Recoding sounds, textile factory recoding sounds in tetxile factory Entrance, closed down Kamensko f. Installing the 4 channel sound Presentation of the sound work

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Concert for a Sewing Machine and a Tree is a 4 channel sound installation conceived as a part of Margan's project Movement for Space, its starting point being the recently devastated Kamensko factory and the protest of its workers. The project of re-purposing the land plot of the factory into a business and shopping area marks the onset of gentrification in that part of the city, whereby several questions should be raised: Who defines the public space and for whom? How can we achieve the choreography of democratization? What role should the citizens play? Concert for a Sewing Machine and a Tree is a composition of sounds from manual and machine work, recoded in one of the still existing textile factories in Zagreb, and exhibited as a public 4 channel sound installation in the park in front of closed down Kamensko Factory. The sound work was also shown in a gallery context, accompanied by a publication.

excerpt about the work from the text by Iva Rada Jankovic for the exhibition Compositions in Walking

"The recent four-channel audio-installation Concert for a Sewing-Machine and a Tree, recently displayed within the framework of the Zagreb Urbanfestival and now transferred from the public space of a square (from the trees) into a gallery venue, has also been created by intertwining and adoption of situations that actually took place in reality. Edited in the manner of a musical score, this interchange of irregular rhythms and sounds from real time and space, located into the public space of a city park, in four tree-crowns, introducing a spatial illusion of by no means harmless connotations, has for a short time animated a static idyll of the urban green oasis of the square. The produced sounds remind of the upsetting events that had shortly before happened in the immediate vicinity of the park. They are a result of long-term mismanagement by ruling structures, i.e. systematic economic destruction of one of the last textile factories in Croatia. The work of machines and women’s hands, of protesting voices, tearing, cutting, and sewing together are provoking, testifies Luiza Margan, while new questions crop up about who, how and to what end re-distributes the space and structures. The allusion to re-tailoring, suggested by the dominant sound of sewing machines and tearing of the cloth eludes any attempt at non-ambiguous interpretation. This re-tailoring evokes the memories of actual events (like renaming Trg Francuske Republike into Trg dr. Franje Tu?mana), as well as contemporary gentrification processes, which are frequently conducted in collaboration with art, in order to enliven a devastated structure after its economic collapse. In this particular structure, associations keep forming a chain: indicated by sound, the listener faces a new cognitive space that outlines the concept of power of individual resistance and even his/her possibilities to re-tailor the already set routes and to design trajectories to which the resistance to the inherent language of power is feasible and maybe even possible. “The language of power is being ‘urbanised’, but the city is still subjected to juxtaposed processes that complement each other and enter different combinations outside of the panoptic power”, says Michael de Certeau.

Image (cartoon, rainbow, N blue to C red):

In Luiza Margan’s “wandering semantics”, in which art intertwines with reality, this sound installation, initially intended for direct and unplanned reception by passers-by in a place that had really experienced re-tailoring in the recent past, has now been transferred into a new situation – gallery venue – as part of the artist’s research practice. Although in her work she takes documentary methods of immanent practices of contemporary artistic activism as her point of departure, on the other hand Luiza does not deny the existence of an autonomous field of art. Migrations and dislocation of signs from one venue to the other, from one level of reality into the other by applying artificial editing procedures will equally efficiently result in reflections on critical spots not only in the society as such, but also in the position of art and artists in that society. The problem of the image/picture is how to depict a voice, writes Mladen Dolar; it brilliantly solves this problem in the editing process linked to Lacan’s description of urges as something devised and not founded on natural order of things or instincts; this editing process is not final, and like a surrealist collage it has no beginning and end. "

The work in public space is produced by Urban Festival 2012
The publication is supported by bm:ukk Austria, 2012